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Theology, democracy and community organizing

In 1972, I was 12 years old on a bus headed to Wooddale Junior High School in Memphis, Tennessee. The year before, I had attended Corry Junior High School in my neighborhood, a middle-class African American community of single-family brick homes, neatly kept yards and mostly two-parent families with strong work ethics. All of our families preached the gospel of getting a good education as a path to a secure middle-class life.

What happened between 1971 and 1972? Crosstown busing was implemented in Memphis, and I became part of the Black exodus from neighborhood schools to attend White schools across town. I was excited to start a new school, make new friends and learn, as I was studious
and quiet.

As I entered Wooddale on those first August days, here is what I saw: a newly built school with full home economics kitchens and sewing machines, a full woodworking shop, excellent athletics facilities, new desks and chalkboards in the classrooms, a well-equipped acoustic band and music room and – most importantly for me – a well-resourced library. I was so excited and so confused. I was excited because I was finally in a school that had the resources that both students and teachers needed to teach and learn. But I was confused because Corry, my old junior high school, had offered precious few of these resources: no kitchens, no woodworking shop, an old gym, a tiny and overgrown running track and a poorly resourced library.

The contrast deeply bothered me, and I tried to understand why: In this country that promotes itself as a “nation under God, with liberty and justice for all,” wouldn’t justice mean that all teachers and children have the resources they need to teach and learn? And especially Black children? Well, yes. Isn’t an educated citizenry important for the health of the nation? Well, yes. Then why was Corry – an African American school in an African American neighborhood – so criminally underresourced? And why was Wooddale – a White school in a White neighborhood – so criminally overresourced? Did these disparities have anything to do with why Martin Luther King Jr. had come to Memphis in 1968? Even though I didn’t understand the full implications of racial discrimination in public education as a 12-year-old, I knew something was very, very wrong. Those feelings continued throughout my public education as I realized that the majority of White families (98%) refused to allow their children to be bused to my majority-Black high school between 1975 and 1978 and I witnessed an increase in the White “Christian” academies populating the city during the crosstown busing years. I remember NAACP leaders protesting these injustices, but where were Black churches?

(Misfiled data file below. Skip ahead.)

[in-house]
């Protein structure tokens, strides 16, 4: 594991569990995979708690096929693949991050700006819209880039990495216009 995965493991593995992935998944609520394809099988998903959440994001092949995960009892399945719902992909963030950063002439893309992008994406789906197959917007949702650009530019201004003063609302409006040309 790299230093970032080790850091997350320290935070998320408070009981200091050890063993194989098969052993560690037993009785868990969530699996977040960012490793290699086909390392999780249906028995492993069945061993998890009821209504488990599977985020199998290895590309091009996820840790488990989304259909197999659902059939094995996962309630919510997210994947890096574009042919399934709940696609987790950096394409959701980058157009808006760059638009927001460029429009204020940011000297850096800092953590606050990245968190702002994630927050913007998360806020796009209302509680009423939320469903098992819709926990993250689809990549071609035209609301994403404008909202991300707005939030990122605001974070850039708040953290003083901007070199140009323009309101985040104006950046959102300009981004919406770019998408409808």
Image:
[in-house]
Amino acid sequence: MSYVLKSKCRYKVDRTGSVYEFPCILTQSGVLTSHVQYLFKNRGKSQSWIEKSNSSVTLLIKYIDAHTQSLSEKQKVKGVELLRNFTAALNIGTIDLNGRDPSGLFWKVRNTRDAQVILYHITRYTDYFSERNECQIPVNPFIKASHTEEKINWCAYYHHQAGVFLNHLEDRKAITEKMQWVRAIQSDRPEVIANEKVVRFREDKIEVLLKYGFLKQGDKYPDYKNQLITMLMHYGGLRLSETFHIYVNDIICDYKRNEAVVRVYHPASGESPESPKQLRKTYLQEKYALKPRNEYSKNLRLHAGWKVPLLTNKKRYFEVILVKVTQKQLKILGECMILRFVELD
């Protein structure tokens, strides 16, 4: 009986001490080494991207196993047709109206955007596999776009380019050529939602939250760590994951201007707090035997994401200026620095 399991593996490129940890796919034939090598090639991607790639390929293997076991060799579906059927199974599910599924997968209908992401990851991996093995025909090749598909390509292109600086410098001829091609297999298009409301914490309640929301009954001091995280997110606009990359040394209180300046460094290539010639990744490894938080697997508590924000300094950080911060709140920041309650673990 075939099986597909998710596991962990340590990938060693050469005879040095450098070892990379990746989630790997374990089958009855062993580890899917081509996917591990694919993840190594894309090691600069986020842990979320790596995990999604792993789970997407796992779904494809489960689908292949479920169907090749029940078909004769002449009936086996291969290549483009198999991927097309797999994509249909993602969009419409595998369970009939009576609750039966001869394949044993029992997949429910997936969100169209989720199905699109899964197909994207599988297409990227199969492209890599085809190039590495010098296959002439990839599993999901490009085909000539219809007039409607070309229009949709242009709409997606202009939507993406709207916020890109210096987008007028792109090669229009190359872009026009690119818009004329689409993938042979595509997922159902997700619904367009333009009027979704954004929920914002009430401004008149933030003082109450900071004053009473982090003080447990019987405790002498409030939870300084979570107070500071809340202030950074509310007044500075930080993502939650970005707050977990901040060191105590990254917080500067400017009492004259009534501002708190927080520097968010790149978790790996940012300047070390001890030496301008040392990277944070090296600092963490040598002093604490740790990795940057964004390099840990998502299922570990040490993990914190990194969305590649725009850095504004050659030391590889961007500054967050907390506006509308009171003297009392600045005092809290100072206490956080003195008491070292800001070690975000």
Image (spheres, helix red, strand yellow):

The disparities and dissonances I witnessed in my schooling took up residence in my spirit beginning with my first day at Wooddale Junior High School as a 12-year-old girl. They are still there today.

In 1996, I was hired as lead organizer to work with Bill Barnes in Nashville, Tennessee. Barnes was pastor of Edgehill United Methodist Church and a part-time organizer with the community organizing group Tying Nashville Together (TNT). From a series of house meetings within the 45 churches and synagogues that made up TNT membership, one important issue consistently emerged: the poor physical condition of our public schools. Parents complained about the lack of toilet paper and soap in the student bathrooms, as well as the lack of electrical wiring to plug in computers. Teachers were always short on supplies and staff cited dangerous working conditions. Many reported these issues to school management for years, with little to no effective response.

TNT leaders decided to conduct a facilities audit of half the Nashville public schools. We gathered, oriented and trained 150 leaders from our institutions, divided into 37 groups of four. In each group, two African American and two White leaders would audit two schools together. The racial mixing of the teams would allow Black and White leaders to work together to observe, document and make initial assessments of conditions on the ground. Each team would audit one school in a poor neighborhood and a second school in a middle- or upper-middle-class neighborhood.

In the year 2000, one of the schools my team audited was Haynes Middle School in north Nashville. The conditions in Haynes reminded me of the poor conditions I had faced at Corry Junior High in Memphis in 1972. After the Haynes school audit, our team gathered at a restaurant to debrief. While eating lunch, I broke down and wept at the conditions we had found.